House Gallery on 400 South 

Julie Dunker's abstract art collection finds a new home.

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A house isn’t always a home. That has proved especially true in the case of the House Gallery. Originally started in fall 2009 in the home of Julie Dunker and her husband, Jeff Pattee, in Cottonwood Heights, the gallery soon outgrew its suburban birthplace as the shows there boasted slowly increasing audiences.Since the first of the year, House had been hidden in the basement of the Peery Hotel downtown—a space not much bigger than a coat closet, which could be difficult to find even if you knew where it was.

But now the House Gallery has found a place to settle down, and as far as location, you couldn’t do much better: on 400 South, in the building that was formerly L. Lorenz Knife Shop, next to The Green Pig Pub. With the Heavy Metal shop, W Lounge and other hip hangouts within shouting distance—and the main gallery-stroll foot traffic on 300 South not too far afield—it’s a brilliant placement that promises great contributions to the local art scene.

Dunker found a strong visual sense early, growing up in the Mojave Desert the child of a graphic designer mother and a father who made films for the government. Though she later studied in New Mexico, she says she wouldn’t have started a gallery somewhere like Santa Fe that is oversaturated. “Salt Lake [City] is a really good environment for opening a business,” she says. “The downtown area is growing.”

The building, which had housed L. Lorenz since construction in 1940 is large enough for patrons not to feel cramped yet small enough to feel intimate. Its glass facade and skylights invite light to penetrate the space, making it a natural place to view artwork.

Dunker found that although her home helped people feel more comfortable, the environment detracted from the art a little. “Now, it’s just about the art,” she explains.

The gallery opens with an especially strong foot forward with the abstract acrylics on paper by Matthew Choberka, a Weber State University art professor. His works use especially emphatic brushstrokes, assertive use of color and collage elements to create a dynamic visual aesthetic. It’s about the gesture and impulse to create art, that seems to predominate anything else in their visual universe.

Herself an abstract painter, Dunker plans to showcase mostly abstract artists working in two dimensions, including Matt Jones; Manhattan artist Jon Coffelt, who incorporates duct tape into his works; Denver artist Kay Tuttle, who uses art from vintage books as source material; and Utah-based Allen Ludwig, who does intriguing things with narrative. It’s a niche that the Salt Lake City gallery scene could stand to have filled, as no one else has really focused on two-dimensional abstracts primarily. “Julie has been putting together a really interesting and diverse roster of artists, from across the country and beyond,” Choberka says. “It seems to me that the concerns, materials, and approaches of many of these artists are quite diverse, but the energy and intelligence of their work unites.”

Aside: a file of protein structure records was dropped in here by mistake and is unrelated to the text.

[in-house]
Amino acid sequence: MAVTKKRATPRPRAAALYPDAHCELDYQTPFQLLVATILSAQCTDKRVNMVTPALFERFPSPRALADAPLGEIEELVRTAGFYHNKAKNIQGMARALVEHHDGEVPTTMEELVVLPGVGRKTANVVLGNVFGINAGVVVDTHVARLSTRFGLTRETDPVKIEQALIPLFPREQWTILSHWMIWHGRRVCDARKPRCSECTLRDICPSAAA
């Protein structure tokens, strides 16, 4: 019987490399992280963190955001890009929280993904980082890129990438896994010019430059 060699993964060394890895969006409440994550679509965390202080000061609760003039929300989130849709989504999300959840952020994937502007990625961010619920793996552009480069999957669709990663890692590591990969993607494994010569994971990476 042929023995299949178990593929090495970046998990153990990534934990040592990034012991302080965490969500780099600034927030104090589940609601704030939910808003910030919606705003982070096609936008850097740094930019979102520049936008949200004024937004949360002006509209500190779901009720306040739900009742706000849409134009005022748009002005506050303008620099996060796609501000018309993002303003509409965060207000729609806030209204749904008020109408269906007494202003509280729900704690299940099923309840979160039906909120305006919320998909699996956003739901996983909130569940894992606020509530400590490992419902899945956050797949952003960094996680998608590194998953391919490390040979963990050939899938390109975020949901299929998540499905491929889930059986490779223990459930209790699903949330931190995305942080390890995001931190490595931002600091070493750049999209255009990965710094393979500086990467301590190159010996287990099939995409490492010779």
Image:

Rushing to get everything done, from smoke alarms to bathroom fixtures for the unofficial “soft” opening Sept. 3, things are coming together miraculously at the last minute. “People have certain expectations of where to see art,” she says, and it seems that the new home of House Gallery is both trying to meet and somehow defy expectations. Will people on a night out at The Green Pig, say, check out some fairly challenging artwork as a part of their evening out that might not have included the gallery stroll?

Dunker wants to make the gallery a place where people can feel comfortable purchasing art, but mostly they want a place where people can look at art. There is always the gallery-stroll crowd, but what about those just getting into art? “I think the new space will suit more types of work,” says Choberka, who had shown at the first location. “Moving the gallery from ‘underground’ is a smart move. I think House Gallery has a real shot at making a mark in the SLC scene, which is getting more vibrant all the time.”

In her new 400 South location, Dunker is feeling a newfound freedom to stage performances or other events. At the same time, now the House Gallery has to stand on its own. “I don’t want to be one of those places that opens and closes within a year,” she states. “There is a need for contemporary art and performance here that I think we can meet.” CW

House Gallery
29 E. 400 South
Through Sept. 25
Fridays & Saturdays 2-8 p.m.
Grand re-opening reception
Sept. 17, 5 p.m.

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